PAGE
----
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The Seven Principles for Making Marriage Work: A Practical Guide from the Country's Foremost Relationship Expert Hardcover – 1999

813 customer reviews

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Product Details

  • Hardcover: 288 pages
  • Publisher: Crown (1999)
  • Language: English
  • ASIN: B001IN4YI2
  • Product Dimensions: 8.9 x 6.2 x 1.1 inches
  • Shipping Weight: 1.2 pounds
  • Average Customer Review: 4.6 out of 5 stars  See all reviews (813 customer reviews)
  • Amazon Best Sellers Rank: #2,066,451 in Books (See Top 100 in Books)

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Customer Reviews

Most Helpful Customer Reviews

787 of 815 people found the following review helpful By A Customer on May 16, 1999
Format: Hardcover
After watching marriage-advice books catalyze the destruction of my first marriage, I did not think I would find myself reading any more of these books soon. But I heard an interview with Dr Gottman on National Public Radio and I was so impressed that I ran out, bought the book and read it. The thing that makes the book so good is that it is based on rigorous, scientific research (you know, set up an experiment, collect data, look for patterns in the data without inserting your own preconceptions and report it). Although I found that most of Dr. Gottman's findings were not particularly surprising, I still found the book to be extremely useful because out of the many possible things a person could do to improve their marriage, this book tells you which ones really matter. The book also gave me a good sense of the problems that are encountered in happy marriages. For example, about 60% of the conflicts that happily married couples have are unresolvable (perpetual). This fact alone would have helped my first marriage a lot considering all the good will that we burned up trying to solve problems that were not solvable. Dr Gottman found that happy couples accept that these problems are unresolvable and can learn to live with them without damaging their relationship. As an analogy he points out that people with bad elbows can live very rich and rewarding lives as long as they don't make playing tennis a central part of their lives. In summary this is a great book that people who don't like marriage advice books can enjoy (as well as those who do).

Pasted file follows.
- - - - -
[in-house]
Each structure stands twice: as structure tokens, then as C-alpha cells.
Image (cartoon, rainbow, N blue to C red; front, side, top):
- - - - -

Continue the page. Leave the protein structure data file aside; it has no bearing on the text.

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568 of 627 people found the following review helpful By J. Lund on June 16, 2000
Format: Hardcover
A very reasonable as well as scientific approach to marriage. Many marriage-oriented books offer logical short-term band-aids (e.g., focusing on perceived Mars/Venus gender differences, communicating better, smoothing over conflicts) that make for a provocative read and/or admirable goals, but by and large fail in the long-run to resuscitate shaky marriages. Gottman creates a path for marital success via theories and exercises with an established track record for success. Many people wouldn't think that a fit marriage has to be exercised regularly, no less than one's body through regular workouts. Gottman's book serves as the ultimate guide to marital fitness, yet is a valuable read even if you are unmarried or have already experienced a failed marriage.